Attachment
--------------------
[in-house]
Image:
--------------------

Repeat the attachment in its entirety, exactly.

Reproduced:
[in-house]
Image: